Local Radio Crusade Continues

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In an effort to protest against increasingly corporate radio, Free Radio Berkeley activists held workshops yesterday teaching people how to build and operate their own micro-power radio stations.

Hosted by Stephen Dunifer, the founder of Free Radio Berkeley and a pioneer in the micro-power radio movement, the workshops are part of a series of events to protest the National Association of Broadcasters Convention in San Francisco, which concludes this Saturday.

"Liberate the airwaves with micro-power broadcasting," read a poster adorning the offices of Free Radio Berkeley in West Berkeley. "Tell the (Federal Communications Commission) to kiss your Bill of Rights."

Free Radio Berkeley is a local micro-power, also known as low-power, FM radio station. Micro-power radio has a low-power output, within a one half to 40 watt range and transmits within a limited area - a radius of approximately six to 12 miles.

Although many people label the micro-power radio movement as "pirate" radio, Dunifer and others disagree.

"They call us pirates," Dunifer said. "(But) we're reclaiming stolen property - (the National Association of Broadcasters) are the pirates."

Dunifer and other activists contend that the airwaves, like air and water, are public resources and thus should be allocated to the public and not dominated by the private sector.

Dunifer acknowledges the presence of public broadcasting but referred to it as "petro-chemical broadcasting" and said that National Public Radio, commonly known as NPR, really stands for "Nothing to Provoke Revolution."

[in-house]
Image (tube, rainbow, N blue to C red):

He contends that conglomerate corporations bankroll and influence public broadcasting, preventing it from serving the public.

The National Association of Broadcasters declined to comment on the protests.

About 20 people, from 20-year-olds to 50-year-olds, attended the afternoon workshop. Everyone listened attentively and watched as Dunifer explained capacitors and inducers and demonstrated soldering techniques used when building a micro-power radio transmitter.

Connor Hopkins, a low-power FM broadcaster from Texas who attended the workshops and protests, said that the Federal Communications Commission requires a license to broadcast on the radio. However, they will not grant a license to any transmitter under 100 watts on the grounds that it interferes with commercial radio, a claim he called "completely false."

Hopkins said the government views this as grounds to shut down low-power radio stations and that they recently silenced three stations in Texas.

A flyer published by Free Radio Berkeley provides a warning to radio hobbyists.

"Note: Current FCC regulations prohibit the unlicensed operation of these transmitters," it read. "It is up to you (to) decide which has precedence - free speech or federal regulations and corporate control of the airwaves."

If people are listening to community radio, then they are not listening to commercial radio, Hopkins added.

"I think they don't want to have to compete with non-commercial stations," he said.

Micro-power radio is designed, according to the activists, to give the community a voice that is otherwise not heard. According to Free Radio Berkeley, a low-power FM broadcast station can be set up for $1,500 or less, which would be ideal for community organizations such as churches and schools.


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